Other broadcasting companies took notice, and developed their own original series. By 1987, Creator/RalphBakshi produced ''MightyMouseTheNewAdventures'' with Creator/JohnKricfalusi, a show that helped bring back old school, insane "cartoony cartoons". Creator/WarnerBros had its own revival with several Spielberg produced efforts that brought ''Looney Tunes''-style comedy into the 1990s; ''WesternAnimation/TinyToonAdventures'' and ''WesternAnimation/{{Animaniacs}}'' were the most successful. Much of the crew from these shows went on to launch the DCAnimatedUniverse with ''WesternAnimation/BatmanTheAnimatedSeries'' in 1992. This time, Disney eventually aped ''them'' with a cult dark action series of their own, ''WesternAnimation/{{Gargoyles}}'', created by GregWeisman, even though they eventually mishandled it badly. Cable networks such as Nickelodeon and Creator/CartoonNetwork started with reruns and repackagings of cartoons from earlier eras, as well as syndicated fare (as did the [=USA=] Network's Cartoon Express block; this was also the ''modus operandi'' of the emerging home video market) but moved on to create their own shows during the '90s. The former launched the "Nicktoons" brand with ''WesternAnimation/{{Doug}}'', ''WesternAnimation/{{Rugrats}}'', and ''WesternAnimation/TheRenAndStimpyShow'', while the latter made shows like ''WesternAnimation/DextersLaboratory'' and ''WesternAnimation/EdEddnEddy'' that went by the moniker "Cartoon Cartoons". The latter's name was eventually dropped, however, as 2002's ''WesternAnimation/CodenameKidsNextDoor'' was the last show to use the Cartoon Cartoon label.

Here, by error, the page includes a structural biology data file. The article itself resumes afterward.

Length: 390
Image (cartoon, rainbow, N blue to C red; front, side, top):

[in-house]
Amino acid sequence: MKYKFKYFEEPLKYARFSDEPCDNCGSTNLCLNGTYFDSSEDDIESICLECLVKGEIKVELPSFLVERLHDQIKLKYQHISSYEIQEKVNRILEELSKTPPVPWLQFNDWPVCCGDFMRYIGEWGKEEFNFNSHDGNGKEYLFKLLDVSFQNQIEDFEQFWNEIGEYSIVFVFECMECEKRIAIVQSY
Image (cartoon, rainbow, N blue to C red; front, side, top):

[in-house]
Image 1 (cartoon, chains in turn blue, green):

On the silver screen, it wasn't until the late 1980s that the industry rose to new heights. After the box office failures of animated movies in the 1970s, Disney defector Creator/DonBluth pushing for a return to the rich classical style of {{the Golden Age|OfAnimation}}, beginning with 1982's ''WesternAnimation/TheSecretOfNIMH''; while it was not a blockbuster, it quickly became a CultClassic. It attracted the attention of no less than Creator/StevenSpielberg, which led to Bluth's directing the successful ''WesternAnimation/AnAmericanTail'' and ''WesternAnimation/TheLandBeforeTime'' for Amblin Entertainment. Bluth would both rise to prominence and [[DarthWiki/FallenCreator fall]] during this period, but his collaboration with Spielberg proved to be the first real challenge Disney had ever faced in the animated film department, at least since the [[MaxAndDaveFleischer Fleischers]] were in business. The failure of Disney's ''The Black Cauldron'' in 1985 seemed to spell the end of Disney's animation unit, but fortunately it persevered, mainly due to the modest success of ''Disney/TheGreatMouseDetective''. After the threat from Bluth and Amblin though, Disney frantically stepped up its game and rallied with ''Disney/OliverAndCompany'', which was another modest success. Their newly-established, adult-oriented Creator/TouchstonePictures label co-produced -- with Amblin Entertainment, as it happened -- ''Film/WhoFramedRogerRabbit'', a live-action/animated fantasy that also served as a MassiveMultiplayerCrossover of Golden Age characters and was the box office sensation of 1988.